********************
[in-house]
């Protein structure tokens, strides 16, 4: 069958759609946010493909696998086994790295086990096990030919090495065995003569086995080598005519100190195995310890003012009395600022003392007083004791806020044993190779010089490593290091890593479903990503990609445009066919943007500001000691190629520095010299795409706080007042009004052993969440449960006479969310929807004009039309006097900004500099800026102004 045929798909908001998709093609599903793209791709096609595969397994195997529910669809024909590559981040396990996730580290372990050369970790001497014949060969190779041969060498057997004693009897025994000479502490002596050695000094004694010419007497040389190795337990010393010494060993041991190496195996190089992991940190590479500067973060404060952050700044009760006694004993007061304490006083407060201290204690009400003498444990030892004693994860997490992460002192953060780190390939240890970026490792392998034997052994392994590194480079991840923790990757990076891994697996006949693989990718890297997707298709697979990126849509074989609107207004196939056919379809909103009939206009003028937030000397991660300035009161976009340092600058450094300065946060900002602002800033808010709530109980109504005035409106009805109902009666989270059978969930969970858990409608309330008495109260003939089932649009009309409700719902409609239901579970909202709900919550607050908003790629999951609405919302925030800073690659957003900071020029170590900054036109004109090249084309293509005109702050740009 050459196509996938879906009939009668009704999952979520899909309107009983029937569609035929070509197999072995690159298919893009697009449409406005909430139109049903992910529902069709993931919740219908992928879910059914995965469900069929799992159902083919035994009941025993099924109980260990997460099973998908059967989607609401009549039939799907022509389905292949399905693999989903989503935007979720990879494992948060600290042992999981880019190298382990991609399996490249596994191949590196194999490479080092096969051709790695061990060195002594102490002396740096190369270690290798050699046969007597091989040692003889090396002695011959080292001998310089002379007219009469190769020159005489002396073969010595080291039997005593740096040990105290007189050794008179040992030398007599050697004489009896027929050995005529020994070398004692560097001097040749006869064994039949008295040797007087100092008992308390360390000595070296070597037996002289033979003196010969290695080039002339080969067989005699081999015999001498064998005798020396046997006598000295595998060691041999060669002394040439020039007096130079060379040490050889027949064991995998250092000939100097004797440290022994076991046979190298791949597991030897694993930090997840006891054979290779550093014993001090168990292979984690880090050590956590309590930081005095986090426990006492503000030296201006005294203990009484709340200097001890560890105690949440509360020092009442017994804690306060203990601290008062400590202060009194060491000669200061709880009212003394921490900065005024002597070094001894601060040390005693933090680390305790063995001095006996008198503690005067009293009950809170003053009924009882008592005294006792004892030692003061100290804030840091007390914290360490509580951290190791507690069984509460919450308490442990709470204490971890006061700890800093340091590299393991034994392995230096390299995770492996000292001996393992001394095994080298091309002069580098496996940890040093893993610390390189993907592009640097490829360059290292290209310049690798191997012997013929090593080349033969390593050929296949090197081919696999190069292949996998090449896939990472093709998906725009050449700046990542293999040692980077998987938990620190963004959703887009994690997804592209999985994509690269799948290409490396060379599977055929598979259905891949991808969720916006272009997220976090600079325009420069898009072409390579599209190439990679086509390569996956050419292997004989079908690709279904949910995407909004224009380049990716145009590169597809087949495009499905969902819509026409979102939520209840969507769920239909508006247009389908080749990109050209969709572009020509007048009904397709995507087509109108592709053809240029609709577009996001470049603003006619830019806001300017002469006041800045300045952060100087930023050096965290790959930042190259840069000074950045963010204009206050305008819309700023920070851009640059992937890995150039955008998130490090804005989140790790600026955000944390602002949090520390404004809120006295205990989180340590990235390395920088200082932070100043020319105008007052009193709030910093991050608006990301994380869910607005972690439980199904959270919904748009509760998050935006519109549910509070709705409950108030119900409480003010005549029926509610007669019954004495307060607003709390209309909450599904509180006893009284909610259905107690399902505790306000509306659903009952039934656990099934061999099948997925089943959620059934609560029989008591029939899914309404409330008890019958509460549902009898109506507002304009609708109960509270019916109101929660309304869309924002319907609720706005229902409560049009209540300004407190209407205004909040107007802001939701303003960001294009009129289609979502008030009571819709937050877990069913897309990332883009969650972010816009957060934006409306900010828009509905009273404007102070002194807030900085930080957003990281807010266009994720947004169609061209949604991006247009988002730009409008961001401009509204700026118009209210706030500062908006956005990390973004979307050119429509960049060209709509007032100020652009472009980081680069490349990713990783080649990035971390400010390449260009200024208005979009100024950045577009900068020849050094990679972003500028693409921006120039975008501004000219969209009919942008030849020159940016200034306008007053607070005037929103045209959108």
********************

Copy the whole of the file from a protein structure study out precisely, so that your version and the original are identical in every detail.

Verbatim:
[in-house]
């Protein structure tokens, strides 16, 4: 069958759609946010493909696998086994790295086990096990030919090495065995003569086995080598005519100190195995310890003012009395600022003392007083004791806020044993190779010089490593290091890593479903990503990609445009066919943007500001000691190629520095010299795409706080007042009004052993969440449960006479969310929807004009039309006097900004500099800026102004 045929798909908001998709093609599903793209791709096609595969397994195997529910669809024909590559981040396990996730580290372990050369970790001497014949060969190779041969060498057997004693009897025994000479502490002596050695000094004694010419007497040389190795337990010393010494060993041991190496195996190089992991940190590479500067973060404060952050700044009760006694004993007061304490006083407060201290204690009400003498444990030892004693994860997490992460002192953060780190390939240890970026490792392998034997052994392994590194480079991840923790990757990076891994697996006949693989990718890297997707298709697979990126849509074989609107207004196939056919379809909103009939206009003028937030000397991660300035009161976009340092600058450094300065946060900002602002800033808010709530109980109504005035409106009805109902009666989270059978969930969970858990409608309330008495109260003939089932649009009309409700719902409609239901579970909202709900919550607050908003790629999951609405919302925030800073690659957003900071020029170590900054036109004109090249084309293509005109702050740009 050459196509996938879906009939009668009704999952979520899909309107009983029937569609035929070509197999072995690159298919893009697009449409406005909430139109049903992910529902069709993931919740219908992928879910059914995965469900069929799992159902083919035994009941025993099924109980260990997460099973998908059967989607609401009549039939799907022509389905292949399905693999989903989503935007979720990879494992948060600290042992999981880019190298382990991609399996490249596994191949590196194999490479080092096969051709790695061990060195002594102490002396740096190369270690290798050699046969007597091989040692003889090396002695011959080292001998310089002379007219009469190769020159005489002396073969010595080291039997005593740096040990105290007189050794008179040992030398007599050697004489009896027929050995005529020994070398004692560097001097040749006869064994039949008295040797007087100092008992308390360390000595070296070597037996002289033979003196010969290695080039002339080969067989005699081999015999001498064998005798020396046997006598000295595998060691041999060669002394040439020039007096130079060379040490050889027949064991995998250092000939100097004797440290022994076991046979190298791949597991030897694993930090997840006891054979290779550093014993001090168990292979984690880090050590956590309590930081005095986090426990006492503000030296201006005294203990009484709340200097001890560890105690949440509360020092009442017994804690306060203990601290008062400590202060009194060491000669200061709880009212003394921490900065005024002597070094001894601060040390005693933090680390305790063995001095006996008198503690005067009293009950809170003053009924009882008592005294006792004892030692003061100290804030840091007390914290360490509580951290190791507690069984509460919450308490442990709470204490971890006061700890800093340091590299393991034994392995230096390299995770492996000292001996393992001394095994080298091309002069580098496996940890040093893993610390390189993907592009640097490829360059290292290209310049690798191997012997013929090593080349033969390593050929296949090197081919696999190069292949996998090449896939990472093709998906725009050449700046990542293999040692980077998987938990620190963004959703887009994690997804592209999985994509690269799948290409490396060379599977055929598979259905891949991808969720916006272009997220976090600079325009420069898009072409390579599209190439990679086509390569996956050419292997004989079908690709279904949910995407909004224009380049990716145009590169597809087949495009499905969902819509026409979102939520209840969507769920239909508006247009389908080749990109050209969709572009020509007048009904397709995507087509109108592709053809240029609709577009996001470049603003006619830019806001300017002469006041800045300045952060100087930023050096965290790959930042190259840069000074950045963010204009206050305008819309700023920070851009640059992937890995150039955008998130490090804005989140790790600026955000944390602002949090520390404004809120006295205990989180340590990235390395920088200082932070100043020319105008007052009193709030910093991050608006990301994380869910607005972690439980199904959270919904748009509760998050935006519109549910509070709705409950108030119900409480003010005549029926509610007669019954004495307060607003709390209309909450599904509180006893009284909610259905107690399902505790306000509306659903009952039934656990099934061999099948997925089943959620059934609560029989008591029939899914309404409330008890019958509460549902009898109506507002304009609708109960509270019916109101929660309304869309924002319907609720706005229902409560049009209540300004407190209407205004909040107007802001939701303003960001294009009129289609979502008030009571819709937050877990069913897309990332883009969650972010816009957060934006409306900010828009509905009273404007102070002194807030900085930080957003990281807010266009994720947004169609061209949604991006247009988002730009409008961001401009509204700026118009209210706030500062908006956005990390973004979307050119429509960049060209709509007032100020652009472009980081680069490349990713990783080649990035971390400010390449260009200024208005979009100024950045577009900068020849050094990679972003500028693409921006120039975008501004000219969209009919942008030849020159940016200034306008007053607070005037929103045209959108």